In his testimony sessions to Congress, he issued warnings about the negative impacts of high budget deficits.
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Old 09-15-2007, 11:23 PM   #9
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In his long-awaited memoir, to be published tomorrow, Greenspan, a Republican whose 18-year tenure as head of the US Federal Reserve was widely admired, will also deliver a stinging critique of President George W Bush’s economic policies.

However, it is his view on the motive for the 2003 Iraq invasion that is likely to provoke the most controversy. “I am saddened that it is politically inconvenient to acknowledge what everyone knows: the Iraq war is largely about oil,” he says.
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Old 09-16-2007, 07:54 PM   #10
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Alan Greenspan > Pile of Shit > George W. Bush
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Old 09-16-2007, 10:46 PM   #11
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Wow, I am so glad he spoke up, this needs to be known! I knew it was about oil and Bush is an oilman himself.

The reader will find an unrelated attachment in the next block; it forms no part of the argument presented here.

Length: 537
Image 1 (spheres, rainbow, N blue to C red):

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Old 09-16-2007, 11:02 PM   #12
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Wow, I am so glad he spoke up, this needs to be known! I knew it was about oil and Bush is an oilman himself.
Hey. No War For Oil!
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Prosecutors say evidence at the trial will include the diary of an employee of Iraq's State Oil Marketing Organization who said Wyatt bragged during a Jan. 27, 2003, meeting that he had convinced a U.S. senator to speak out against an attack on Iraq.

Diary entries indicate Wyatt also discussed the nature of a U.S. invasion of Iraq, including anticipated troop numbers, timing and direction of attack, prosecutors said.

In permitting the evidence to be shown to jurors, Chin noted in a ruling last week that the government planned to prove that Wyatt received the first allocation of oil under the oil-for-food program in 1996 and continued to receive oil until U.S. armed forces entered Iraq in 2003.

Wyatt's lawyers are expected to argue at trial that he always had the best interest of the United States in mind in his dealings with Iraq.
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Old 09-17-2007, 06:00 AM   #13
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Quote:
Originally posted by DrTeeth
Too little, too late Mr. Greenspan. Where was your criticism when you were in office?
You don't criticize your boss when you're still working for him.